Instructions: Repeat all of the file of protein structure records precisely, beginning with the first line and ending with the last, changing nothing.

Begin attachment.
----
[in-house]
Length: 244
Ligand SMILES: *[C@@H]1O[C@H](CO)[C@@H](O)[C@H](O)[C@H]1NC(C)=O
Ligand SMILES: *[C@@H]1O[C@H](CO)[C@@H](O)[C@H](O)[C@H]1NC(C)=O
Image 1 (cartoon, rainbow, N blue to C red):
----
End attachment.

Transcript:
[in-house]
Length: 244
Ligand SMILES: *[C@@H]1O[C@H](CO)[C@@H](O)[C@H](O)[C@H]1NC(C)=O
Ligand SMILES: *[C@@H]1O[C@H](CO)[C@@H](O)[C@H](O)[C@H]1NC(C)=O
Image 1 (cartoon, rainbow, N blue to C red):